Sunrise in a Garden of Love & Evil and Tastes of Love & Evil, as well as three Regency novellas for Harlequin Undone: Notorious Eliza, The Wanton Governess, and The Unrepentant Rake. She lives in Georgia with an ever-shifting population of relatives, friends, and feline strays.
Last month, I submitted a full manuscript – a Regency – to my editor at Harlequin. A few weeks later, I got my revision letter. She wanted lots and lots of changes.
This in itself wasn’t a surprise. I never get it quite right the first time, so thank God for editors. I’ve had four so far, and they’ve all been great at picking out what’s not working, at asking good questions, at putting me back on track. They’re not always right, but in this case she was 90 percent spot on. I suffered a minor twinge of dismay at having so much rewriting to do, but what really, really bugged me about this particular revision letter was that I already knew much of what was wrong with the story. Not consciously, or I wouldn’t have sent it in – but subconsciously, I knew, and had known all along. Thinking back, I remembered being uneasy about certain aspects of the story. I even recalled passages where I’d thought, “Hmm, does this work?” But those niggling doubts hadn’t registered strongly enough for me to do something about them.
This is a problem. The more an author hones her craft, the more aspects of it should take care of themselves automatically. We learn to vary our sentence structure, to cut excess words, to stick to one point of view at a time, and so on. Catching what’s not working story-wise before sending it to an editor is just as important. Obviously, what works and doesn’t depends a lot on the genre you’re writing, but I’ve written for Harlequin before, I’ve received both acceptances and rejections, and I know more or less what they want. I should get more and more efficient…right?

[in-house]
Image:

Hopefully so, but on the other hand, writers aren’t robots. We can’t write the same old stuff every time without getting burnt out or bored to death. We have to be willing to take chances, to listen to the muse, do something different even while doing the same. Which leads me to what I’ve been blogging about this month – my latest novella for Harlequin Undone, The Romance of the Toe Bone.
No , that’s not the real title. I knew Harlequin wouldn’t go for that. It’s actually called The Unrepentant Rake, which perfectly captures the hero’s personality. (He was a hoot to write!) But the story premise and the happily ever after depend on a holy relic that’s been passed down in the heroine’s family for centuries— the toe bone of St. Davnet, an Irish saint of the 6th or 7th centuries.
My muse loved the toe bone concept, and so did I! It was so much fun. And yet, I was sure my editor would find it too weird – so sure that I forgot to look for St. Davnet’s staff when I visited the National Museum of Ireland last summer. (Duh! I wanted to see the staff anyway, and it’s not like I get to jet over to Dublin any old time I like.) I was surprised when her revision letter didn’t tell me to ditch the toe bone, and even more surprised when she accepted the revised story, toe bone and all.
Sooo… What do you listen to? Experience? Commonsense? Instinct? The muse? I hope to get better at this, but sometimes, I just don’t know.
One lucky commenter will receive a free download of The Unrepentant Rake.